Unraveling Job Disengagement: Exploring Causes and Solutions

Abstract

Unraveling Job Disengagement: Exploring Causes and Solutions Melissa Meade, Madison Caudill, and Dr. Jon McChesney, Mentor Department of Recreation and Park Administration, Eastern Kentucky University Job disengagement poses a significant challenge within organizational settings. Employees exhibit emotional detachment and diminished commitment to their job responsibilities. Addressing job disengagement is imperative for fostering a positive workplace culture and strengthening organizational performance. This detachment transcends dissatisfaction, penetrating morale, productivity, and employee retention (Burnett, 2023). Root causes of disengagement include ineffective leadership, limited growth prospects, high-stress work environments, and exclusionary organizational cultures. This research examines the effects of recreation on employee engagement. Recreation emerges as a promising solution to enhance employee engagement, offering avenues to add fun and replenish energy throughout the workday. Organizations can enrich job roles by strategically incorporating recreational activities and creating vibrant, fulfilling work environments. Engaging in recreational pursuits outside of work hours also serves to rejuvenate employees, countering the effects of disengagement. Furthermore, integrating enjoyment into workplace activities enhances satisfaction, morale, productivity, and employee retention (Tews, 2013). Embracing job enrichment strategies centered on recreation promotes employee well-being and effectively combats job disengagement. It is essential to recognize the pivotal role of managers and the work environment in implementing these strategies and fostering a supportive organizational culture conducive to employee engagement and fulfillment. This research underscores the importance of recreation to employee engagement here at Eastern Kentucky University with employees indicating that recreation enriches their job significantly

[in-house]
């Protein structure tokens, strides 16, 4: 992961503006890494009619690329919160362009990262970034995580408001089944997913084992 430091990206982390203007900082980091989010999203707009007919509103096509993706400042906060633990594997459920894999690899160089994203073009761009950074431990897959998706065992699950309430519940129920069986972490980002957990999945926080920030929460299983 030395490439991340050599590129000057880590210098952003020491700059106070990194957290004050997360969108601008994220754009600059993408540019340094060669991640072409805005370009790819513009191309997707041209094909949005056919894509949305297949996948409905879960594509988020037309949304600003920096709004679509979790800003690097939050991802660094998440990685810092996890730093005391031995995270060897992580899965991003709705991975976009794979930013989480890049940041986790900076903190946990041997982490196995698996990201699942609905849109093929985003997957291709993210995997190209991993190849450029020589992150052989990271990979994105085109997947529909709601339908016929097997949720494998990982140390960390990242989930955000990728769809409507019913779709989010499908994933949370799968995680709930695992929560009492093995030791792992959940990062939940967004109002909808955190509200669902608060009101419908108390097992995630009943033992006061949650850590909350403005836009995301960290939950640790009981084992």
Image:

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Last time updated on 26/05/2024

This paper was published in Eastern Kentucky University.

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